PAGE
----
Surgical Treatment

There are more medical and surgical treatment options for patients with Parkinson's disease than ever before. Deep brain stimulation surgery offer important symptomatic relief to patients with moderate disability from Parkinson's disease who still retain some benefit from antiparkinsonian medications and who are cognitively intact. Patients who fluctuate between "on medication" and "off medication" states are usually good surgical candidates. The major risk is a 2% risk of stroke, due to bleeding in the brain. DBS is a more complex therapy requiring regular neurological follow-up and periodic battery changes. It reduces, but does not eliminate, symptoms of Parkinson's disease. The time to consider DBS surgery is when quality of life is no longer acceptable on optimal medical therapy as administered by an experienced neurologist.

When should one consider surgical treatment?

What are the different types of surgery for Parkinson's disease?

Overview of neurosurgical procedures for Parkinson's disease

What are the possible brain targets for DBS?

How does DBS work?

How is DBS surgery performed?

Would both sides of the brain be done at once or separately?

What are the benefits of DBS surgery?

What are the risks of DBS surgery?

What makes a patient a good candidate for surgical treatment?

Can patients control the DBS device themselves?

Is DBS surgery covered by health insurance?

Other surgical treatments: restorative therapies

 


When should one consider surgical treatment?

For most people who have Parkinson's disease, levodopa and other medications are effective for maintaining a good quality of life. As the disorder progresses, however, some patients develop variability in their response to treatment, called "motor fluctuations." During an "on" period, a person can move with relative ease, often with reduced tremor and stiffness. "Off" periods describe those times when a person is having more difficulty with movement. A common time for a person with Parkinson's disease to experience an "off period" is just prior to taking the next dose of levodopa, and this experience is called "wearing off."
Another form of motor fluctuation is uncontrolled abnormal movement of the face, body or a limb, which is called "dyskinesia." For most people with Parkinson's disease, wearing off and dyskinesias can be managed with changes in medications (see Medications for Parkinson's disease). However, when medication adjustments do not improve mobility or when side effects from medications cause significant problems, surgical treatment may be considered.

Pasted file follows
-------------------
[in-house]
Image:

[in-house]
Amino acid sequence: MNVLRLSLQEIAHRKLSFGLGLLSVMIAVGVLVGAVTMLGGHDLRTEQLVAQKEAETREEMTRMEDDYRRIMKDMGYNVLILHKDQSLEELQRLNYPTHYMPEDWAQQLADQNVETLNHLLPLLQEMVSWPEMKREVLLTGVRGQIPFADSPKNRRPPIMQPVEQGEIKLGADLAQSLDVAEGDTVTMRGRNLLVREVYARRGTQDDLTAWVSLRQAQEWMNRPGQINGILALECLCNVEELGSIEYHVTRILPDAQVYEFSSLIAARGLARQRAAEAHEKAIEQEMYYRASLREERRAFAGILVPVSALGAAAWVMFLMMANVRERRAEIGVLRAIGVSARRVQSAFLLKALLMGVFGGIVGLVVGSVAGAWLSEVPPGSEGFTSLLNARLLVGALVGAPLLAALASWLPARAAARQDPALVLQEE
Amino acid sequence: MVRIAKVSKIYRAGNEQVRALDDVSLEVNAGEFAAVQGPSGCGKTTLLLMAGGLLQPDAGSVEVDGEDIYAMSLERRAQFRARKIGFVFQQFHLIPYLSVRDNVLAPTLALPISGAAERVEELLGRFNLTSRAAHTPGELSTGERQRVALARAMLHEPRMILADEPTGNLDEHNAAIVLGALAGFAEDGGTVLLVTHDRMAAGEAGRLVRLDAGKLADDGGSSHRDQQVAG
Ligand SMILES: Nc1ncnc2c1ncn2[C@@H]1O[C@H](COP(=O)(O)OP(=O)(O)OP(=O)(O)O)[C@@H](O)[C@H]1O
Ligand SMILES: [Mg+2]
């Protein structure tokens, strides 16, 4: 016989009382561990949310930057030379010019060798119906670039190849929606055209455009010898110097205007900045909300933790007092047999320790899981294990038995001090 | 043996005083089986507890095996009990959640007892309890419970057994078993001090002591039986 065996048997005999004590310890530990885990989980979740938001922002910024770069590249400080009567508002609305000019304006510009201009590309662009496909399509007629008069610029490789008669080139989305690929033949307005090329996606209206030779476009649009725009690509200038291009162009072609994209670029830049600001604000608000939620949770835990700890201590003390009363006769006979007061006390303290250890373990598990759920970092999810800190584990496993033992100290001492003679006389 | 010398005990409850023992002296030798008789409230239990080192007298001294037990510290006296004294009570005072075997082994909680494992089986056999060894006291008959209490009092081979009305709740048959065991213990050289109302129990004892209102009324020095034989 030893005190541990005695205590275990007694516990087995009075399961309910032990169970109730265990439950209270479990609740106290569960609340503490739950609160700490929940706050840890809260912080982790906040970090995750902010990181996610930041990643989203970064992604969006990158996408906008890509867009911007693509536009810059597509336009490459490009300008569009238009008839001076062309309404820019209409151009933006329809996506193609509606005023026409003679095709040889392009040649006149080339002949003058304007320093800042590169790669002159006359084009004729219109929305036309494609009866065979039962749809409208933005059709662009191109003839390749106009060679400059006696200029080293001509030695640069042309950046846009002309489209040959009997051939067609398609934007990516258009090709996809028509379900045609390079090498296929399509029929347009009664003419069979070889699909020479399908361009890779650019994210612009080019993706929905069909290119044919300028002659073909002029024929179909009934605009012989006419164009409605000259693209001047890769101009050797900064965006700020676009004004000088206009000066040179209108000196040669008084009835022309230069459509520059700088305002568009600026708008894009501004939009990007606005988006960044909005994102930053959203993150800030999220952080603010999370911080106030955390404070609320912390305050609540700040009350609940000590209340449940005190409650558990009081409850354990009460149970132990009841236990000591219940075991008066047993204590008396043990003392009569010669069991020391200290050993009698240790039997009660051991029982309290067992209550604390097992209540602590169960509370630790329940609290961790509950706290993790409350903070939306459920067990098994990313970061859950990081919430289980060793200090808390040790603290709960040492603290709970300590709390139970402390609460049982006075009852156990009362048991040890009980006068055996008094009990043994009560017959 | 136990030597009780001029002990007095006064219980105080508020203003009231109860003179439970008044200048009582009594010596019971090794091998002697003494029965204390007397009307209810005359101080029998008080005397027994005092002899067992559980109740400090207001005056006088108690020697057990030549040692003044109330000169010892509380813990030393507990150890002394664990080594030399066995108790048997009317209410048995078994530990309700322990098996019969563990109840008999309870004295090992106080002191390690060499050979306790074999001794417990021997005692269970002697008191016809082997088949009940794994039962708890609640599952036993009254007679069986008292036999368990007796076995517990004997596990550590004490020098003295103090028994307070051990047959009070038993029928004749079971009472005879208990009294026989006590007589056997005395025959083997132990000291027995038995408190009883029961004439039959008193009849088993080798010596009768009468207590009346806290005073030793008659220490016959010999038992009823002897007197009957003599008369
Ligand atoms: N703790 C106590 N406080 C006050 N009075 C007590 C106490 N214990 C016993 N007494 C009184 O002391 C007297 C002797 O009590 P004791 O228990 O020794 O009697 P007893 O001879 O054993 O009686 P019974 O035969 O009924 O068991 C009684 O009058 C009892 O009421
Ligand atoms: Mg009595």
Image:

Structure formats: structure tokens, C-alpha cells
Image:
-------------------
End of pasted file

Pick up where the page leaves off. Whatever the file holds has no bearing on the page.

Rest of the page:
What are the different types of surgery for Parkinson's disease?

The different types of surgery for Parkinson's disease are summarized in the table below. The first surgical procedures developed were the "ablative" or "brain lesioning" procedures. Examples of lesioning surgery include thalamotomy and pallidotomy. In lesioning, a surgeon uses a small heat probe to destroy a small region of brain tissue that is abnormally active in Parkinson's disease. No instruments or wires are left in the brain after the procedure and it produces a permanent effect on the brain. In general, it is not safe to perform lesioning on both sides of the brain. Thalamic surgery is generally reserved for patients with essential tremor and is not recommended for patients with Parkinson's disease.

Overview of neurosurgical procedures for Parkinson's disease

Procedure

Effect of Procedure

Lesioning Procedures

Thalamotomy (thalamus)

Proven benefit for tremor only

Pallidotomy (globus pallidus)

Proven benefit for tremor, rigidity, bradykinesia, and levodopa-induced dyskinesias. Not recommended for use on both sides of the brain.

 Deep Brain Stimulation Procedures

Thalamic (thalamus) stimulation (Vim DBS)

Reduces tremor but not the other signs of Parkinson's disease; approved by U.S. Food & Drug Administration (FDA) in 1997

Pallidal (globus pallidus) stimulation (GPi DBS)

Reduces tremor, rigidity, bradykinesia, dyskinesia, and gait disorder; approved by FDA in 2002

Subthalamic nucleus
(STN DBS)

Reduces tremor, rigidity, bradykinesia, dyskinesia, and gait disorder; approved by FDA in 2002

 

Most surgical teams now prefer an alternative treatment called deep brain stimulation (DBS). DBS surgery involves placing a thin metal electrode (about the diameter of a piece of spaghetti) into one of several possible brain targets and attaching it to a computerized pulse generator, which is implanted under the skin in the chest (much like a heart pacemaker). All parts of the stimulator system are internal; there are no wires coming out through the skin. To improve control of symptoms, the stimulator can be adjusted during a routine office visit by a physician or nurse using a programming computer held next to the skin over the pulse generator. Unlike lesioning, DBS does not destroy brain tissue. Instead, it reversibly alters the abnormal function of the brain tissue in the region of the stimulating electrode, and can be safely used in both sides of the brain. Although deep brain stimulation is a major new advance, it is a more complicated therapy that may demand considerable time and patience before its effects are optimized.

What are the possible brain targets for DBS?